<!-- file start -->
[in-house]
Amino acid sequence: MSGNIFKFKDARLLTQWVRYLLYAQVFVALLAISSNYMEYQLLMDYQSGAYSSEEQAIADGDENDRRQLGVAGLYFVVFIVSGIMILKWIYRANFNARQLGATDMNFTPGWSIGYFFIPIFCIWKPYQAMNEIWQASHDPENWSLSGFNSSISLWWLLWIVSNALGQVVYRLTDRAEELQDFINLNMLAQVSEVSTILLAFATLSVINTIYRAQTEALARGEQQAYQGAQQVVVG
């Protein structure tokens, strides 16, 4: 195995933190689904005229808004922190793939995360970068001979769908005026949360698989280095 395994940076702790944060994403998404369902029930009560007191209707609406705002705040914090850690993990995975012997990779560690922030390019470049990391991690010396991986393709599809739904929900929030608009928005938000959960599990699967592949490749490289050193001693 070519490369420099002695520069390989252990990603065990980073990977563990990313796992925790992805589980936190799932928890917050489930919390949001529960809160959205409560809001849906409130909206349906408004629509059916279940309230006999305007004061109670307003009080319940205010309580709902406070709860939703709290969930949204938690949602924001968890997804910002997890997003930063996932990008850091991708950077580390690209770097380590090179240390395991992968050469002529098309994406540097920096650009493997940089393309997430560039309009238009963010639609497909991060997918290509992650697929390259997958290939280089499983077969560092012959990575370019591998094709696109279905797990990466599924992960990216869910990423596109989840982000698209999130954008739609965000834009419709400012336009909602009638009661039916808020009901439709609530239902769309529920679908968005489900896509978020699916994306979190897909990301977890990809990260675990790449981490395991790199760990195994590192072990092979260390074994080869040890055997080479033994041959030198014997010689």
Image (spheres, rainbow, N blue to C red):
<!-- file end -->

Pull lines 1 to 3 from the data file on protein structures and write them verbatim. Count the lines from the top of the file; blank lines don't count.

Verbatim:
[in-house]
Amino acid sequence: MSGNIFKFKDARLLTQWVRYLLYAQVFVALLAISSNYMEYQLLMDYQSGAYSSEEQAIADGDENDRRQLGVAGLYFVVFIVSGIMILKWIYRANFNARQLGATDMNFTPGWSIGYFFIPIFCIWKPYQAMNEIWQASHDPENWSLSGFNSSISLWWLLWIVSNALGQVVYRLTDRAEELQDFINLNMLAQVSEVSTILLAFATLSVINTIYRAQTEALARGEQQAYQGAQQVVVG
């Protein structure tokens, strides 16, 4: 195995933190689904005229808004922190793939995360970068001979769908005026949360698989280095 395994940076702790944060994403998404369902029930009560007191209707609406705002705040914090850690993990995975012997990779560690922030390019470049990391991690010396991986393709599809739904929900929030608009928005938000959960599990699967592949490749490289050193001693 070519490369420099002695520069390989252990990603065990980073990977563990990313796992925790992805589980936190799932928890917050489930919390949001529960809160959205409560809001849906409130909206349906408004629509059916279940309230006999305007004061109670307003009080319940205010309580709902406070709860939703709290969930949204938690949602924001968890997804910002997890997003930063996932990008850091991708950077580390690209770097380590090179240390395991992968050469002529098309994406540097920096650009493997940089393309997430560039309009238009963010639609497909991060997918290509992650697929390259997958290939280089499983077969560092012959990575370019591998094709696109279905797990990466599924992960990216869910990423596109989840982000698209999130954008739609965000834009419709400012336009909602009638009661039916808020009901439709609530239902769309529920679908968005489900896509978020699916994306979190897909990301977890990809990260675990790449981490395991790199760990195994590192072990092979260390074994080869040890055997080479033994041959030198014997010689």